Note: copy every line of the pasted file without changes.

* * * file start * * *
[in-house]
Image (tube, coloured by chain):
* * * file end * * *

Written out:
[in-house]
Image (tube, coloured by chain):